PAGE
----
Review – ‘Monsters Within’ Directed by Devin Montgomery

Written, directed and starring Devin Montgomery, ‘Monsters Within’ is a 2024 horror thriller that also stars Kendall Cavener, Skeeta Jenkins and Samuel French.

Written, directed and starring Devin Montgomery, ‘Monsters Within’ is a 2024 horror thriller that also stars Kendall Cavener, Skeeta Jenkins and Samuel French.

Devin Montgomery plays Luke Wolf, a war veteran who comes back to his town to meet his sister who has Downs Syndrome. Wolf is a drifter and it seems his demons have come back home with him. Joining forces with the fierce Lily,  Luke sets his sights to keep the darkness at bay whilst Sheriff Duhart and the local thug Cyrus have plans of their own. With the sights of a mysterious creature in the woods getting  more popular than ever, it seems everyone will soon be in the fight of their lives. Luke and Lily will have to rely on each other and resist the temptation of falling in love as they take on the dark forces threatening to devour the town.

Being the writer, director and star of the film, Devin Mongtomery has his work cut out for him but he manages to do justice to each of these roles with ease. The script is exciting and has plenty of twists and turns as Luke and Lily are put through a series of tumultuous tests. The characters are fleshed out; Luke is stoic yet mysterious whilst Lily is fiercely independent and can perfectly handle herself. Every horror movie needs a detestable villain and here, Montgomery has written Cyrus to be one hell of a bad guy. There is plenty of  action as well and within the chaotic moments, Luke is constantly reminded of his sister who becomes his beacon, his light and  his hope as he descends further and further into darkness.

The cast is perfect and each actor manages to bring his or her character to live perfectly. Mongtomery is flawless as the young drifter Wolf while his real life sister Daniella Montgomery plays her onscreen sister Elle without fail. Samuel French as the villain Cyrus makes for a potent antagonist. Skeeta Jenkins as Sheriff Duhart keeps things interesting whilst a slew of secondary characters are also perfectly casted. In short, the cast manages to do the script justice and their performances elevate the film a notch.

Taking inspiration from a multitude of creature features, Montgomery ensures an aura of mystery around the narrative. As characters talk about sightings of a beast in the woods, the director manages to cultivate a sense within the audience that the beast might not be real at all. However, slowly and gradually, the truth regarding the matter begins to emerge and the penultimate twist will indeed blow your socks off. As this central twist simmers in the background, Montgomery packs the story with plenty of human drama as the multitude of characters collide together in a chaotic struggle, each working in the service of their own goals and desires. The ending is unexpected and manages to give closure to Wolf’s journey, offering a mix of redemption and melancholy for our anti hero.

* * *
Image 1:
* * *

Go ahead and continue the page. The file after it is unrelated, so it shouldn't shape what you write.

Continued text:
Another notable aspect of the film is its potent cinematography. Shot on location in Cooper, Texas; Devin Montgomery frames the film in a way that complements the narrative perfectly. Setting the film in a crumbling town in rural America, Montgomery manages to highlight that the protagonist, just like the town, has seen better days. Going into the seedy, violent underbelly of this place, Luke Wolf will find demons, both real and figurative, come to haunt him. Using deep colour hues and a multitude of visual tricks, the director keeps the story chugging along at an exciting pace. The camera zooms in shakily as the battle within Luke threatens to spill out and bring forth unforeseen consequences for all involved. Thus, Monsters Within is a potent drama that reflects as much on the protagonist’s inner struggles as it does on the demon lurking around town.

The film looks fantastic, boasts great performances and goes into unexpected directions that viewers seldom expect. As Devin Montgomery’s first performance, the film is a home run; one that manages to impress in more ways than one.

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